ARTESIA — Bee-Bots are buzzing in all Artesia elementary schools, thanks to a partnership between Devon Energy, the Cal Ripken Sr. Foundation, the Estelle H. Yates Foundation, and the Chase Foundation.
The four organizations brought mobile science, technology, engineering and math (STEM) centers to all five Artesia Public Schools elementary schools, as well as Grand Heights Early Childhood Center and the Artesia Public Library, for a total of seven STEM centers.
Community leaders celebrated the unveilings with an assembly at Hermosa Elementary School and a demonstration of the state-of-the-art equipment.
Students’ faces lit up when tinkering with the products, which included 3D printers, Code Hoppers, Snap Circuits, Bee-Bots and Ozobots.
The Ripken Foundation also provided STEM coordinator training, a curriculum guidebook, and various activity kits to enhance the use of technology tools.
“Introducing elementary students to STEM through these tools helps develop their critical-thinking skills from a young age and set them up for future success,”
said John Ross Null, APS superintendent. “We’re witnessing a historic moment for Artesia students — one which will impact them for years to come.”
Senior community relations specialist Shannon Johnson said Devon is committed to bolstering educational opportunities in the company’s operating areas.
“Devon wants to inspire future STEM leaders by helping local kids express their creativity and hone their technological skills,” Johnson said. “Through our partnership with the Ripken Foundation, we’re able to spark Artesia students’ imaginations and encourage them to follow their dreams.”
The Ripken Foundation has installed 56 state-ofthe- art centers across the country through its STEM initiative, which aims to increase the number of minority and at-risk youth pursuing higher education and careers in STEM-related fields.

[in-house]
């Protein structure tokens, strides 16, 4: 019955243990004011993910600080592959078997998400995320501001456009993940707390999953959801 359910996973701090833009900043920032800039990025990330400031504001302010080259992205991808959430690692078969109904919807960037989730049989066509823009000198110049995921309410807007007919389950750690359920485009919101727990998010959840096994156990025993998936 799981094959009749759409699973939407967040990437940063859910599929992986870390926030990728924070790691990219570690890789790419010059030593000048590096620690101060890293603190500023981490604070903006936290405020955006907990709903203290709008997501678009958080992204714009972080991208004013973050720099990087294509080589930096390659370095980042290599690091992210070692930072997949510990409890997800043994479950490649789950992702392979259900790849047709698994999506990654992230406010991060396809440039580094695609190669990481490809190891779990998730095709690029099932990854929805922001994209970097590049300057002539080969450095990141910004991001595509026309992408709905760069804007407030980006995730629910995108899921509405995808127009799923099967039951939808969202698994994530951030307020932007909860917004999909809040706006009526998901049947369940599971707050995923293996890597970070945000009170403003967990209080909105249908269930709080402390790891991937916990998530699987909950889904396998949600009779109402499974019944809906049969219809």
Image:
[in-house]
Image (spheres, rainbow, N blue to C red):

Steve Salem, Cal Ripken Sr. Foundation president and CEO, said the organization’s goal is to help children build positive relationships and discover STEM fields.
“Learning life lessons like teamwork, respect and resilience is an important part of STEM education,”
Salem said. “Partnering with Devon, the Estelle H.
Yates Foundation and the Chase Foundation allows us to give young minds the equipment they need to explore different scientific areas and achieve their full potential.”
Devon and the Ripken Foundation partnered last fall to open southeastern New Mexico’s first STEM centers at Broadmoor and College Lane elementaries in Hobbs and at the Boys & Girls Club of Carlsbad, which serves more than 100 elementary students daily.
“The Estelle H. Yates Foundation has a rich history of supporting the Artesia community through funding education, science and technology initiatives,” said Sandra Borges of the Estelle H. Yates Foundation.
“Collaborating with Devon Energy and the Ripken Foundation on this project made perfect sense. We can’t wait to see how these new STEM centers will benefit Artesia’s children for generations.”